Territory Stories

Debates Day 1 - Tuesday 10 October 2006



Debates Day 1 - Tuesday 10 October 2006

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Parliamentary Record 10


Debates for 10th Assembly 2005 - 2008; 10th Assembly 2005 - 2008; Parliamentary Record; ParliamentNT




Made available by the Legislative Assembly of the Northern Territory





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Legislative Assembly of the Northern Territory

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Attribution International 4.0 (CC BY 4.0)

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Legislative Assembly of the Northern Territory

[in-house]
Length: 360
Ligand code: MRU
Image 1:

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DEBATES Tuesday 10 October 2006 3107 representatives and has already put in place policies and strategies to achieve progress with these challenges. The Indigenous Economic Development Strategy (2005) and the Agenda for Action: A whole government approach to Northern Territory Indigenous Affairs 2005-2009 are aimed at meeting the challenges and providing the strong linkages required to achieve enhanced economic participation. The Chief Minister launched the Territory Indigenous Economic Development Strategy in May last year. It was the product of nearly two years of work by a high level task force comprising key indigenous leaders, private sector representatives and representatives from both the federal and Territory governments. The task force took a practical approach to the challenge of indigenous economic development by identifying and developing opportunities in 13 industry sectors. I would like to point out that the Indigenous Economic Development Strategy carries the expectation of many to incorporate sustainability and to value-add to existing industry sectors. In taking this approach the task force also chose to highlight successes and role models so we can build on the successes and offer encouragement and prospects for the future. What we have come to understand is that the Territory has unique opportunities based on the competitive advantages of Aboriginal land ownership and indigenous intellectual property resulting from strong traditional law and cultural practice. The recently released analysis of the share of Territory revenue and expenditure presented to the Indigenous Expenditure Review Report underscores our priority on indigenous development including economic development. More than 49% of our budget expenditure, some $1.34bn, is related to the needs of the Territorys indigenous population. We are working cooperatively with the Australian government through the Overarching Agreement on Indigenous Affairs 2005 to capitalise on opportunities and meet the challenges. Cooperative action, through this agreement, is aimed to ensure that programs to boost indigenous employment and economic development produce real training, employment and business development outcomes for indigenous Territorians, especially in regional and remote areas. Emerging reforms for the CDEP program and removal of the remote area exemption for the unemployed, if appropriately implemented, have the potential to provide additional incentive and strengthen participation in regional economic development. We will continue to work in partnership with indigenous communities, the private sector and the Australian government to create new ways to foster increased indigenous economic participation and stronger linkages with regional economic development. At this point I would like to acknowledge Mr David Ross and the Central Land Council for the vision they had in establishing Centrefarm. Under the management of Mr Allan Cooney, Centrefarm has developed an innovative land use model for Aboriginal land trusts. The model offers developers certainty when making investment decisions and can be replicated across the Northern Territory on Aboriginal land trusts. Community leaders and governance are also a theme in the frameworks regional growth objective. The Territory is blessed with quiet achievers, and people like Mr Duncan Beggs, who are demonstrating how we can build jobs and business on the ground in the regions through mining projects such as Bootu Creek in the Barkly Region and the Frances Creek mining initiative near Pine Creek. Strong community leadership and governance are important for sustainable regional economic development. Leaders must inspire community members with vision and optimism about the future. Take Mr Djambawa Marawilli at Yilpara in Blue Mud Bay in northeast Arnhem Land. Here we have an internationally respected artist working with the likes of Macquarie Bank and Rotary to build a sustainable economic base for his community through a range of activities including arts, tourism, natural resource management rangers, crabbing, and retail. Encouraging community members to be actively engaged in the decisions that affect them and their towns and communities creates better ownership of outcomes and enhances responsibility. A clear message from the regional forum process was the desire for more government and private sector decision-making at the regional level. We are addressing ways to improve this and coordination with government agencies to enhance regional economic development outcomes. Improving city, town, and community liveability is another regional growth theme in the Economic Development Framework. Liveability and perceived liveability are crucial factors in building population, and attracting and retaining new business investors and skilled workers. This is particularly important for regions and remote centres.